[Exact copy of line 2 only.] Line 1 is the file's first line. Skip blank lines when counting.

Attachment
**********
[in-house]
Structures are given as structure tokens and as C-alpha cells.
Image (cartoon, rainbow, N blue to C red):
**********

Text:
Structures are given as structure tokens and as C-alpha cells.